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Lead surplus no more?

Thu, 07/19/2012 - 18:02 -- Ruth Williams

Lead supplies could fall into deficit for the first time in five years.  Recycling of car batteries has stunted demand for raw resources but, with a growing market in Asia for electric bikes, industry demand for lead is rising.  

The 2012 global lead market is set to record a surplus of 144,000 metric tons. The price has declined in recent years due to this surplus, with value falling from US$2 700/t to $1 900/t from last year.

Demand for electric bikes should reduce the surplus and push prices up, lead producers would welcome this as prices have fallen steadily since 2007 when it was valued at US$3 890/t on the London Metal Exchange.

With lead producing factories closing in China and environmental concerns hindering expansion, the demand for lead is outstripping supply. 

On track for a smaller more economical hybrid

Thu, 07/19/2012 - 18:02 -- Ruth Williams

A Japanese hybrid train company has made an engine 45% smaller and 20% more economical on fuel than conventional diesel locomotives.  Kinki Sharyo use a diesel engine combined with lithium-ion batteries.  Unlike diesel trains the hybrid only requires one engine for two locomotives making it lighter and more economical on fuel. 

SAFT go photovoltaic

Thu, 07/19/2012 - 18:02 -- Ruth Williams

Saft is producing lithium-ion cells for Schuco’s photovoltaic energy storage system available this year. 
The system determines if energy is stored, consumed or sold back to the grid.  The system control unit detects how much self-generated electricity is available and combines this information with external data.  Electricity is only exported when production exceeds storage capacity.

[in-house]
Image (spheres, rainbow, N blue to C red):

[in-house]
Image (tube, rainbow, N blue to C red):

Lithium-ion without the rare earth metals

Thu, 07/19/2012 - 18:02 -- Ruth Williams

A Tohoku University researcher last month announced the development of a lithium-ion battery whose positive electrode does not use any rare earth metals.

Conventional lithium-ion batteries do use rare metals, such as cobalt and nickel, in the positive electrode. Due to their geochemical properties rare earth elements can be dispersed and often not found in concentrated or economically exploitable forms.  This makes these metals costly, and supplies not always stable. Eliminating them will likely make the batteries cheaper to manufacture.

China announced plans in 2009 to reduce its export quota of rare earth minerals to around 350,000 tons per year to conserve scarce resources and protect the environment.  This has led to other countries stock-piling their reserves.  The EU, US and Japan have brought a complaint to the World Trade Organisation alleging China is restricting the exports to maximize domestic use and thus distort the global economy.

Professor Itaru Honma of Tohoku University's Institute of Multidisciplinary Research for Advanced Materials has succeeded in replacing these metals with organic substances. As a result, costs of materials for the positive electrode have been slashed to less than one-fifth what they were before.

Professor Honma made a button-sized lithium-ion battery for testing. This prototype achieved an energy density of 200 watt-hours per kilogram -- roughly double that of current lithium-ion batteries. Tests confirmed that the button-sized battery could withstand at least 100 charge-discharge cycles.

The next step will be to look further for organic materials that more efficiently store power and boost the battery's capacity, with a goal of developing a secondary battery for electric vehicles.

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